Now, I think perhaps this marketing problem that you speak of– so I talk a lot about how it generally falls upon marginalized, oppressed people to try and fix these problems in the world. And what you see on places like Twitter is that it’s always the people who have these disabilities who have to advocate for themselves. That in itself is a problem, because the minority are advocating for something that should be for the majority. And you don’t get people in positions of power who are “completely able” because they don’t have that empathy, and they don’t have that time, and they’re not close to those people… Because as we know, tech is not diverse. Tech is, a lot of the time, full of white privileged men at the top in the C-suites, and they don’t know.

The thing is, what’s interesting is that one day, one of those people could have an accessibility issue. One day, one of those people could lose an eye, or lose the use of an arm, or a leg, or their hearing. These things happen to people, sometimes temporarily, sometimes permanently. Then will they think it’s important? And so, I think there’s a distinct, big lack of empathy at the top of tech. And I’m not saying it’s completely devoid of that. There are definitely places that are talking about this and advocating for it. But it all comes down to the fact that marginalized people have to advocate for themselves, and they are not in positions of power to be able to make those changes because of the way the world, unfortunately, is structured.

Question.

Coming back to this idea of a marketing problem that Amal was talking about… Because I think, to your point, that’s a very deep root cause, and it’s not going to be a quick one to be addressed. I think there is a lot of really interesting activity going on in terms of trying to both surface the extent to which tech is dominated by certain majority groups and address that issue, and I always have to be careful talking about this, because I’m one of those white dudes.

It’s safe to that you’re not a problematic person, though, K-Ball, for the record.

I try. I mean, one of the things that I always try to remember is that ally is not a permanent state, right? Allyship is an act. So I could be problematic tomorrow, if I’m not careful. You have to constantly be paying attention, because when you are not hit in the face with whether it’s accessibility issue, a privilege issue, something else… If it’s not causing you a problem, it’s easy to have it skate out of your eyes.

But where I wanted to kind of go is say - are there incentive structures we could talk about around accessibility that do hit those folks currently in power in places they care? And one I want to go into is profit. How much money is lost by having your e-commerce site be inaccessible? How much types of profit might be missed? We talk about accessibility referring to particular disabilities, and an ability to access things. But to me, accessibility is about machine readability: we’re taking a site that previously required a human to make sense of it, and applying a bunch of things that allow machines to make sense of it, so that they can translate it to humans in different ways. And that machine translatability also, potentially, opens a whole range of possible applications and profit and other things that those folks at the top might well care about, even if they do not have empathy for folks who are necessarily needing these things.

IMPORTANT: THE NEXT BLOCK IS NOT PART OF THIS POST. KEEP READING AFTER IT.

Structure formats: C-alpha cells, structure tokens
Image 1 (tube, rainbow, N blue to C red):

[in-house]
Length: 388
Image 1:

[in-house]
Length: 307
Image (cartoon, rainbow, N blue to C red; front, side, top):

That’s the thing as well. Think about how many more people could use your site and buy things from your site if they could navigate it effectively. Now, I don’t wish to hate on any companies or developers right now, but in my talk, I actually have some very extensive examples of accessibility issues on one of the most popular websites in the world, which is AliExpress. And if that is one of the most popular websites in the world already and it’s completely not navigable with a screen reader currently, or when I was writing this talk, think about how, if AliExpress could optimize the use of their website with the machine readability that you’re talking about. That could double, triple, quadruple in profit and size.

Yeah, I think that’s exactly it. You kind of hit the nail. It’s like, you don’t even know how good you could be, right? So it’s not like you can even say, “Hey, you’re losing 5% opportunity”, because you know, much like compound interest, this stuff is exponential, right? So I think that’s a really fascinating point.

And to circle back to my marketing problem question 0 I just feel like, as a tech leader, I always encourage engineers like, “Hey, you want to work on tech debt, you want to work on writing more tests - that sounds awesome. But market it appropriately. Tie that to a business value.” And I think that’s kind of the point that K-Ball is making as well, is “Hey, is there a way to tie this to a business value?” And I think, for me, that’s where maybe metrics come into play a little bit. This stuff is so complex. There’s no fully accessible proof tooling suite that you can add to your website. There’s a combination of lots of different things, along with lots of different manual efforts. And every app is a snowflake, because of its content and whatever else, and user base, and language support. And so, I’m just curious, where does it even come– how do you even start to wrap your head around, “Okay. Well, I want to make my site accessible”? Where do I start? Because it’s quite daunting.